• I'm impressed about how a lot of websites talk about Chromecast, Amazon Fire Stick, and yet very few talk about Microsoft Wireless Display Adapter (WDA). Now a new one from Lenovo. I have the Microsoft WDA and I love it because it supports 2 technologies Intel WiDi + Miracast in one device. My laptop has Wireless AC card and Microsoft's adapter is great for streaming games like Project Spark (available for free for Windows 8 PC's with Intel Core i3 or better). Also what I like from Microsoft's adapter on a PC is that you can extend your display, so you can actually playback a Netflix movie on your tv while keep working on your PC at the same time.
  • Thank you. I didn't know those features. I'll check out the Windows Display Adaptor (WDA).
  • Here is the link http://www.microsoft.com/hardware/en-us/p/wireless-display-adapter
  • Chromecast sucks. End of story.
  • Lol no it doesn't. But obviously you've never used one. You people are more Google obsessed than Google is to themselves Posted via the Windows Central App for iOS on my Lumia 940
  • What the heck?? "Windows central app for iOS?? On a Lumia 940?? you gotta be kidding right?
  • Lol second that? You joking right?
  • There are always at least two people in the room not getting the sarcasm/joke, demanding explanation :D
  • Hey, look. It's Alex! ;P This seems like a compeling device for people in search of a stream-all device. I don't have much use for it though. I already have a ChromeCast and my TV has DLNA and Miracast built-in. I might pick one up for my sister (though I confess I'm not at a fan of Lenovo).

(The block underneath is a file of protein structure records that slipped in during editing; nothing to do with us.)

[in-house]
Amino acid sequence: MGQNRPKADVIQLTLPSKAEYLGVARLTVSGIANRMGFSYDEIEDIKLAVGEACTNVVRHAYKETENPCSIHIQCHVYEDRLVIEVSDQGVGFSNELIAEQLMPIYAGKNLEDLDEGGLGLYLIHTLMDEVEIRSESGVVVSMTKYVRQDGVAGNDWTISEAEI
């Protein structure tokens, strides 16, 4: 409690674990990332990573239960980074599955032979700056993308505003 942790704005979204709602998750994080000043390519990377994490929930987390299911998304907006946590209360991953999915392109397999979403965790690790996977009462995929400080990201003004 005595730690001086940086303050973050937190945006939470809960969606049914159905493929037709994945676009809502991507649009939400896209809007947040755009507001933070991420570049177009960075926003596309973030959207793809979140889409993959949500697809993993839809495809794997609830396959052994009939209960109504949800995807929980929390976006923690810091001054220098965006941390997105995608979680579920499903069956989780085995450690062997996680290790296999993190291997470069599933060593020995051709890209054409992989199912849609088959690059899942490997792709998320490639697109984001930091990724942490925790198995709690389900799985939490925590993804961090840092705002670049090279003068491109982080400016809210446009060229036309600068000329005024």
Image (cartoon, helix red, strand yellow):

• How the F is "Google Cast" a standard?
    It should read "including the proprietary Google Cast protocol."
  • That's the great thing about standards... There are so many of them!
  • Still, google cast is not a standard, but a one firm definition, would not be covered by a standards limited patent license clause, even if there are many standards
  • It would be cool if this was nfc, and Qi... So once you start, say the movie, you then can get some juice. Qi! ALL the things!!!
  • I agree, but the price I killing in Bulgaria about 150BGN. This is half the minimum wage. Impulse price lol.
  • Wait, you have to work half an hour to afford something you didnt need in the first place? That's just not fair.
  • Try half the month?
  • I'd get the Lenovo long before I get a chrome cast.
  • I was actually considering a Nexus Player yesterday and then I realized that the apps I want to use on it aren't available on it. Glad i didn't invest. I'm interested in seeing what apps this platform supports without resorting to XDA to make it work on my own. Otherwise I'll just stick to my excellent Amazon Fire TV/Stick options.
  • comparition between lenovo streaming device and microsoft miracast